STANLEY TUCCI WAS AT THE NEIGHBORHOOD BARNES & NOBLE on Friday to promote The Tucci Cookbook,
and it was more than a little fun. He brought along his mother Joan Tropiano Tucci and his father Stanley Tucci Sr. “the real authors of the book—I’m the fake author” and his wife, literary agent Felicity Blunt (sister of Emily) and his pet dog. Well, no dog actually, or kids, for that matter, but you get the picture. It was very homey, just like I imagine his family’s kitchen has always been. “Cooking is about doing it together, seeing the creative act, that’s what’s binding,” he told us, and you can imagine the fun he and his parents and children all have cooking together
. “Then you sit down at the table and see what you’ve produced,” Joan says. “It’s exciting.”
In a foreword, Mario Batali writes that “Stanley has written a love letter to his mum and dad, to his distant roots in Calabria.” Tucci tells his Barnes & Noble audience, “My mother is an incredible cook,” calling her up to join him at the microphone, “and she learned to cook from her mother.” The book goes into some family history (both sides are Calabrese), with sections written by his mother and father. His father apparently would pause at some point during dinner and always ask, “How does the rest of the world eat?”
Tucci and his parents share family recipes that were the inspiration for Big Night, as well as those of Gianni Scappin, of Le Madri, with whom he collaborated on the movie. Tucci has cooked more than once on screen. Did he have any tips for Meryl Streep in Julie & Julia, in which he plays Paul Child? someone asks now. Well, just acting tips. Big laugh. “Seriously, though, Meryl is a great cook, but at one point, she was stirring manicotti and I just couldn’t take it any more. I had to demonstrate how it was done. She said, great, sure….but I have no idea whether she changed anything.”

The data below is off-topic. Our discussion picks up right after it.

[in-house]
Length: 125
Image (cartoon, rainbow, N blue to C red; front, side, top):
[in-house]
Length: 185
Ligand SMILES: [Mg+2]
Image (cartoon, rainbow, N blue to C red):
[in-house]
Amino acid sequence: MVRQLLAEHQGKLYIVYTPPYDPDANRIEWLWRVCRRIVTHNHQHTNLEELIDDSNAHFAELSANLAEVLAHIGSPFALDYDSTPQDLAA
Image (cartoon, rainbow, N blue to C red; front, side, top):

Tucci first started cooking when he was around 12 years old, his mother says. “It was a lasagna bolognese with bechamel.” They all seem to like Stan Sr.’s peaches in red wine. Why not? Sounds like the perfect dessert to me. Tucci shops at Stop & Shop, Joan at Shoprite. She likes to search out Italian products, and has tried a lot of different canned San Marzano tomatoes before settling on, damn, I didn’t quite catch the name. Barilla pasta, or De Cecco are great, “not too starchy,” says Joan. “And forget the light olive oil; it’s terrible.” When Stanley was growing up, Joan mostly used Filippo Berio
extra-virgin olive oil. Tucci uses Frantoia from Sicily. Now they’re really dishing!
I haven’t had a chance to try any of the recipes yet. I’ll report back when I have. I doubt if timpano (made famous in Big Night) will be the first one I try, although it truly sounds magnifico. Tucci and his family cook it every Christmas. “My most memorable food moment,” says Tucci.